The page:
The Lincoln Tavern is located at Knob Creek. Right next to a restored cabin that represents Lincoln's Boyhood home. The tavern is currently closed while the park service gathers enough funds to repair the structure for safe tourism. Apparently, it has been there for about 100 years and is not so structurally sound. Traveling outside Lexington Kentucky, you can visit this site as well. It is not very big, and there is a cabin to examine to see how honest Abe lived as a boy. According to the National Park Service (Abraham Lincoln Boyhood Home National Park) the Lincoln Family lived at Knob Creek for 5 years before moving to Indiana. The Tavern, explained in the image above, still looks good today.
The small Cabin and the Tavern are the only two exhibits I saw at Knob Creek. We almost missed it driving down the road. It has a small parking lot, and when we visited, there was a Ranger explaining the Cabin and the status of the Tavern. I so wanted to see the inside of the tavern, however, as I previously explained, it was not open to the public.
The Cabin at Knob Creek
This small one room cabin had a fireplace and a couple of other furnishings. To think, our 16th president started here would lend me to believe, you can accomplish anything if you work hard enough. In addition, I see how far our families have come, this small cabin housed his family for several years, and is smaller than my first apartment. In addition it is smaller than my current living room.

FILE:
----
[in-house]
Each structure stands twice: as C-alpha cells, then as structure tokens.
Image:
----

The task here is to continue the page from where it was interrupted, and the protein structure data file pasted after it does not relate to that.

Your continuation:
After listening to the Park Ranger presentation about the boyhood home at Knob Creek, my wife and I proceeding down route 31 for the Birthplace National Park. It is only about ten miles down the road. We found the next park to be larger and had ample parking. Later, I discovered they are considered the same National Park, with two different "campuses".
Both areas are set in the wonderful wilderness of eastern Kentucky. Both areas were easy to get to by car. You are able to walk inside the Cabin at Knob Creek, and there are picnic areas at both locations. The restrooms at Knob Creek were closed while we were there, I do not recall why. The facilities at the Birthplace Unit and memorial at Sinking Springs are more modern.
Inside the memorial building is a cabin from the same era. The actual cabin Lincoln was born in is no longer standing. All of the steps you see can be avoided by taking a raised Boardwalk around the visitors center to the back side of the building.
In addition to the memorial building, there is also a spring to visit, which was there when the Lincoln's family purchased the farm. To imagine the time when Abe had to fetch water for the family and you get to walk along the same steps. Very interesting. When we visited the site, there were some kids completing a scavenger hunt provided by the Park Services.
So if you are ever in Eastern Kentucky, not far from Lexington, go by and check out this great memorial and historical site. It is well worth the couple of hours you may spend walking around both sites.